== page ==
Cablegate: Media Report Food Crisis in Zim and Gmo Food;

This record is a partial extract of the original cable. The full text of the original cable is not available.




E.O. 12958: N/A

1. Under headline "We'd rather starve: Importing of
genetically modified food risky" the
government-controlled daily "The Herald" (08/05)
carried the following op-ed by Isheunesu Magwaza:

2. ". . .Let me point out clearly that genetically
modified (GMO) food has a long smoldering scientific
controversy over risks and benefits. To date there has not
been any detailed analysis of the risks associated with GMO
foods. GMO imports are restricted in European countries
and elsewhere because of environmental and health concerns.
The importation of GMOs would render much maize grown in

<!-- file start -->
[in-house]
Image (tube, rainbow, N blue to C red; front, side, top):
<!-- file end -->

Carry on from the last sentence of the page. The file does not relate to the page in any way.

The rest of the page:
Zimbabwe unmarketable to other countries. It is a known
fact that maize shipment from the U.S. is a mixture of
conventional varieties and high tech kernels bearing
bacterial genes to protect against insect pests. These
bacterial genes are a threat to human health and

". . .If the U. S. has genuine need to alleviate our
country's food shortage, it has to bring in milled
GMO maize thus avoiding pollen drift. It is
inconsiderate for the U. S. to refuse milling the
GMO maize before its importation into Zimbabwe. The
stance by the U. S. food agencies to refuse to cover
the milling expenses raises more questions than
answers. Milling expenses are estimated $1,000 per
metric ton which is not an expense at all for the
giant nation, considering how much it costs to drop
one bomb in Afghanistan. Fellow Zimbabweans
remember when India balked a humanitarian shipment
of genetically modified food, one U. S. official was
quoted as saying `beggars cannot be choosers.' Yes,
beggars cannot be choosers, not of a doomed future!
Fellow Zimbabweans we cannot loose our morals,
dignity, resources and identity for a few GMO maize
grains. It's good to be hungry with a free soul and
clear conscience than to have a full stomach with
contaminated and colonized soul and mind. The
government was right in refusing GMO maize. Food
for thought not death."


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